Discussion in 'Comedy & Tragedy' started by TruHart1, Dec 24, 2016.
Wow...the curse of 2016 again? May she recover soon.
Poor Carrie. She's had so many health issues and mental health issues. She always seems to soldier on however rather like her mother.
I also feel bad for Debbie Reynolds, Todd Fisher and his family. Must be awful.
Here's hoping it turns out better than it sounds at this point.
Thinking objectively, having lost my own father to a massive coronary, him 41, my mother his wife 39, me age 8, I know the pain of those all around her.
But we her "fans" are not her family.
To imagine ourselves into their place is a destructive and evil construct of Fake-Participation-Television.
Any of us participating in that would irredeemably cheapen the entire situation.
This is not OUR tragedy. To think it is, would be to show oneself irredeemably self-centered, and self-locked.
And now she has left us as well - joining two other celebs this weekend - George Michael, and a name that may not be familiar to all, but who was one of the great ubiquitous character actors on Broadway and TV, George S. Irving, who passed away yesterday. (Mr. Irving, in fact, won the Tony award for Featured Actor in a musical in the 1973 "revisal" of Irene, starring Debbie Reynolds, aka Carrie Fisher's mother. Carrie was actually also in that show's ensemble.)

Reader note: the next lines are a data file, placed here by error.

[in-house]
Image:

I am completely lost by your post. Even though I was not a fan of Carrie Fisher, I am sad about her death and her family's huge loss. I was even sadder when people like Frank Sinatra, Lucille Ball and Jackie Gleason died. I had watched them on television since 1949 when we bought out first TV. I was just six years old in 1949. When my dad died of a heart attack when I was 16 and my younger brother was 10, I was pleased to be approached by strangers who knew my dad. However, my brother would likely agree somewhat with you. He's completely blocked my dad's wake and funeral. Also, he was too young to become fully aware of how ill my dad was before he died.
I recently listened to this interview with Carrie Fisher on NPR.
Quite well done. You could her from Carrie's voice that she wasn't a well person.
I do not know how to help you.
The quantum physicist Paul Dirac formulated his lectures as clearly and plainly as he could see how to explain the subject matter. When a listener asked a question, Dirac would repeat, verbatim, the relevant part of his talk.
I can only follow his example.
I am also lost as to why I should not feel sad (nothing more) when people whom I have seen on TV often (Sinatra, Lucy) or in person many times (Ella Fitzgerald. Gleason, Mary Martin).
In my comments, I was very clear that it was easier for me to accept my dad's death at age 16 than my 10-year old brother. I suspected my dad was mortally ill, my brother did not.
I know very little about Paul Dirac. Perhaps you had already guessed that.
Separate names with a comma.